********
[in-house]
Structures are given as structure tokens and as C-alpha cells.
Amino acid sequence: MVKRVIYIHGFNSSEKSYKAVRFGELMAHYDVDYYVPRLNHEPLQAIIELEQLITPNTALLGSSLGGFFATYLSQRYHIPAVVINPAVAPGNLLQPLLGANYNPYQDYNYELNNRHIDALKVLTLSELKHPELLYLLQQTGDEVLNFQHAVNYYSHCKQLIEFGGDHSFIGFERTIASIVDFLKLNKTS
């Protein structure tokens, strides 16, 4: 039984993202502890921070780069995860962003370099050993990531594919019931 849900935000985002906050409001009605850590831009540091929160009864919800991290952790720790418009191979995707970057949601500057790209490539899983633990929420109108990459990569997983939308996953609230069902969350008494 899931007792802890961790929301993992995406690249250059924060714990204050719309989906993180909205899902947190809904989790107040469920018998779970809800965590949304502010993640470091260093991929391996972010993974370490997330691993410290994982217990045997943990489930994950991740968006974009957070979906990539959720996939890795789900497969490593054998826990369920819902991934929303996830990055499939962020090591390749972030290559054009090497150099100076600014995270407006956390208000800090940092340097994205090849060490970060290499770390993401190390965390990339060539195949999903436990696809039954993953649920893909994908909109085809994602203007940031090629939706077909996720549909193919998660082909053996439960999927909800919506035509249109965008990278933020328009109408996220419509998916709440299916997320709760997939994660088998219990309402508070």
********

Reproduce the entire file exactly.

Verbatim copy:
[in-house]
Structures are given as structure tokens and as C-alpha cells.
Amino acid sequence: MVKRVIYIHGFNSSEKSYKAVRFGELMAHYDVDYYVPRLNHEPLQAIIELEQLITPNTALLGSSLGGFFATYLSQRYHIPAVVINPAVAPGNLLQPLLGANYNPYQDYNYELNNRHIDALKVLTLSELKHPELLYLLQQTGDEVLNFQHAVNYYSHCKQLIEFGGDHSFIGFERTIASIVDFLKLNKTS
């Protein structure tokens, strides 16, 4: 039984993202502890921070780069995860962003370099050993990531594919019931 849900935000985002906050409001009605850590831009540091929160009864919800991290952790720790418009191979995707970057949601500057790209490539899983633990929420109108990459990569997983939308996953609230069902969350008494 899931007792802890961790929301993992995406690249250059924060714990204050719309989906993180909205899902947190809904989790107040469920018998779970809800965590949304502010993640470091260093991929391996972010993974370490997330691993410290994982217990045997943990489930994950991740968006974009957070979906990539959720996939890795789900497969490593054998826990369920819902991934929303996830990055499939962020090591390749972030290559054009090497150099100076600014995270407006956390208000800090940092340097994205090849060490970060290499770390993401190390965390990339060539195949999903436990696809039954993953649920893909994908909109085809994602203007940031090629939706077909996720549909193919998660082909053996439960999927909800919506035509249109965008990278933020328009109408996220419509998916709440299916997320709760997939994660088998219990309402508070």